mv moodle moodle.backup tar xvzf moodle-2.6.tgz
Next, copy across your config.php, any custom plugins, and your .htaccess file if you created one (check that custom plugins are the correct version for your new Moodle first):
cp moodle.backup/config.php moodle cp -pr moodle.backup/theme/mytheme moodle/theme/mytheme cp -pr moodle.backup/mod/mymod moodle/mod/mymod
Don't forget to make moodle/config.php (and the rest of the source code) readable by your www server. Ideally the files should not be writeable by your server.
If you use cron, take care that cron.php is executeable and uses the correct php command:
chmod 740 admin/cli/cron.php (some configurations need chmod 750 or chmod 755) copy the first line from cron.php (if it looks like '#!/usr/local/bin/php' or '#!/usr/local/bin/php5.3', no need to copy '<?php')
You can use Git for updating or upgrading your Moodle. See Git for Administrators for details.
Command line upgrade
On Linux servers, Moodle 2.6 supports running the upgrade from the command line, rather than through a web browser. This is likely to be more reliable, particularly for large sites.
Finishing the upgrade
The last step is to trigger the upgrade processes within Moodle.
To do this just go to Administration > Site administration > Notifications.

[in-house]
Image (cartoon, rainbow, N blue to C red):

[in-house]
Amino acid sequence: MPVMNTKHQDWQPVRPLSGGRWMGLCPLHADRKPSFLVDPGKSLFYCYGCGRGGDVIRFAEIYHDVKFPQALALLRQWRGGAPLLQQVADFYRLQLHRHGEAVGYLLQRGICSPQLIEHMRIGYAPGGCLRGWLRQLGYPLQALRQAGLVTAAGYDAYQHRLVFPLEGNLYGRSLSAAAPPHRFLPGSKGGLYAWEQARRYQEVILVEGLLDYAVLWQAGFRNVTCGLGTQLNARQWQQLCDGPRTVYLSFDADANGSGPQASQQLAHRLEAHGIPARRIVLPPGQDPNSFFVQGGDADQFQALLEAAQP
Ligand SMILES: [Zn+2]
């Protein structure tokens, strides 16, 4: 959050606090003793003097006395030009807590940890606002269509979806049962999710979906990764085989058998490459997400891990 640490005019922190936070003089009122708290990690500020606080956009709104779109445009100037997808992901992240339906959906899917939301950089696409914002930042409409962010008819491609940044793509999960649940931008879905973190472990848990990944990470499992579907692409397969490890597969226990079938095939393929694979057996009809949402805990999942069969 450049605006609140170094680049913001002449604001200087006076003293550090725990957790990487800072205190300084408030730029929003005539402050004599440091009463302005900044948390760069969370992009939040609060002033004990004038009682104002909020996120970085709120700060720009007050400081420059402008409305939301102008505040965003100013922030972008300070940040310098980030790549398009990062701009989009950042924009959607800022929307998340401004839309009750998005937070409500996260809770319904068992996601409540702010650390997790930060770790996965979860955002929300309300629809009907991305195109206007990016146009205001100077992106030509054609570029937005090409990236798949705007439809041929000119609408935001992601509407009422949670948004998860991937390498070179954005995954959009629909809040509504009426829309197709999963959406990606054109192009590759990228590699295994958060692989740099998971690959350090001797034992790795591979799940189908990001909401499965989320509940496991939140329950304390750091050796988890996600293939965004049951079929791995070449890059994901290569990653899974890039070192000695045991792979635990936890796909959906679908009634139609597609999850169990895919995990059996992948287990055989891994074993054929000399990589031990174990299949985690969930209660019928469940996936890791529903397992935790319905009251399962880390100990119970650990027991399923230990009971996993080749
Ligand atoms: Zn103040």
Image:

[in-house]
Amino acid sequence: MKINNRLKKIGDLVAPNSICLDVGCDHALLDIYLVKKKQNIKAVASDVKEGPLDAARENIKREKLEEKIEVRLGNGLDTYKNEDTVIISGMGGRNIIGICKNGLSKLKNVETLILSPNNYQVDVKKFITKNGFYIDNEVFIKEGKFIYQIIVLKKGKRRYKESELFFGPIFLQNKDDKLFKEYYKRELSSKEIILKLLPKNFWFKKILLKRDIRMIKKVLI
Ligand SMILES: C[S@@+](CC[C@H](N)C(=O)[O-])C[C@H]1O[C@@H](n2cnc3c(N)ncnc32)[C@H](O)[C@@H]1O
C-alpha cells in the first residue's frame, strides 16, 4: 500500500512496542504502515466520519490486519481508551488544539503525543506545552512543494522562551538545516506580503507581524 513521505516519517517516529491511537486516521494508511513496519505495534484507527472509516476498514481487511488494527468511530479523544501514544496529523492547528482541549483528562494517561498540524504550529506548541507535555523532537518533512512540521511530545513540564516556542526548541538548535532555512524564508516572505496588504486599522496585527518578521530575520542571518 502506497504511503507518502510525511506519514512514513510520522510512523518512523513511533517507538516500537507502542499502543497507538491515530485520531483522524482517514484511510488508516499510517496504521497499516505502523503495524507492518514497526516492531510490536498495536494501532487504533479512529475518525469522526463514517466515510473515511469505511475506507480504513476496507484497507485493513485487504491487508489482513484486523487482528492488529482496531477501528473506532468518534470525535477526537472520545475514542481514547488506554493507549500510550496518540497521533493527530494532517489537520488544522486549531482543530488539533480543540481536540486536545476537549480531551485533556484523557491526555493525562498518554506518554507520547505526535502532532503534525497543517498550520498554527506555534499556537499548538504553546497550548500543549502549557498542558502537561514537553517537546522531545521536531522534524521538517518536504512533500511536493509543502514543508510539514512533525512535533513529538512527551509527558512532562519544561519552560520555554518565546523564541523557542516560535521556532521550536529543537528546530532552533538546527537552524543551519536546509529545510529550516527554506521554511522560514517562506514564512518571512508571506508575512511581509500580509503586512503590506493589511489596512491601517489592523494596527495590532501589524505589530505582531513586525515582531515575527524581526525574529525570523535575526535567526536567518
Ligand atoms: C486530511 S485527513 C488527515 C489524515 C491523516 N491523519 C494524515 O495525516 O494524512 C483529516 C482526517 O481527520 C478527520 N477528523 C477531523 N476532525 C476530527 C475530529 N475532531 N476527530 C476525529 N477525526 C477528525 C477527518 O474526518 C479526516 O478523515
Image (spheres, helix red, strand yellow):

Moodle will automatically detect the new version and perform all the SQL database or file system upgrades that are necessary. If there is anything it can't do itself (very rare) then you will see messages telling you what you need to do.
Assuming all goes well (no error messages) then you can start using your new version of Moodle and enjoy the new features!
Note: If you are running multiple servers then you should purge all caches manually (via Administration > Site administration > Development > Purge all caches) after completing the upgrade on all servers.
The config.php file from your installation should work fine but if you take a look at config-dist.php that came with Moodle 2.6 there are more/different options available (e.g. database drivers and settings). It's a good idea to map your old config.php settings to a new one based on the 2.6 config-dist.php.
Fatal error: Maximum execution time of 30 seconds exceeded...
If your server uses a main language other than English, you may encounter a 'Fatal error: Maximum execution time of 30 seconds exceeded' when you try to upgrade it. You can increase max_execution_time = 160 on php.ini to allow the scripts enough time to process the language update. Otherwise, you can switch to English as the default language before doing the upgrade and back to your original language after a succcessful upgrade. See the forum discussion at https://moodle.org/mod/forum/discuss.php?d=119598 .
Possible issues that may affect you in Moodle 2.6
Please add items here...
Moodle 2.3, 2.4 and 2.5 improvements
Depending on which version you are upgrading from, please see the section 'Possible issues that may affect you' in the documentation